John Dippoliti bought Trane US, Inc. heating equipment from C&C Heating and Air Conditioning Company because he believed the equipment was reliable. However, when the system failed, the complaint for this class action says, he discovered that the problem was inherent in the design of the unit—a flawed combination of rust inhibitor, compressor oil, and a particular TXV valve design.
Five classes have been identified in this action, one for each of the separate counts in the complaint. The Breach of Express Warranty Class is all persons who, between June 26, 2014 and June 26, 2018, bought Trane HVAC units with the same combination of rust inhibitor, compressor oil, and TXV valve design as in Dippoliti’s unit, in the US, except Louisiana and Puerto Rico.
The other classes, for Breach of Implied Warranty, Fraud, Deceptive Trade Practices Under Michigan Law, and Deceptive Trade Practices Under New Jersey Law, are similar, with class periods of four or six years, all relating to the combination of rust inhibitor, compressor oil, and TXV valve design as in Dippoliti’s unit.
Dippoliti chose Trane because the company touted the reliability of its equipment. The company claimed to sell “America’s Most Reliable™ HVAC System.” As quoted in the complaint, the company’s website claimed, “We don’t just build our products—we own patents on them. And we don’t just test our products—we push them to the extreme. If our product can’t make it through torturous testing, you’ll never see it in your home.” It added, “It’s that kind of reliability that’s earned us America’s Most Trusted HVAC System, three years in a row…”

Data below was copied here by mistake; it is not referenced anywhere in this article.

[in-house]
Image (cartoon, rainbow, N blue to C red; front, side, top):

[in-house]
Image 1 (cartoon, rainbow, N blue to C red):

On October 9, 2014, Dippoliti bought a Trane furnace and condenser from C&C for $6,495, to heat and cool their home.
In 2018, the thermostatic expansion valve (TXV) in the unit malfunctioned. C&C sent out a technician, who first added MJ-X oil, as per a Trane service bulletin. When the valve still did not work properly, he replaced it with another Trane TXV valve. Although the part was free, because the unit was still under warranty, Dippoliti had to pay $550 for labor.
Eventually, Dippoliti learned that the problem was likely caused by a rust inhibitor reacting with the oil in the compressor, which then forms matter, which makes the valve stick and fail. According to the complaint, Trane had issued at least one service bulletin on the topic, and the Internet shows numerous complaints about this same malfunction.